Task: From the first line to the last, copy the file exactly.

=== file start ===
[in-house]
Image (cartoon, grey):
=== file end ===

[in-house]
Image (cartoon, grey):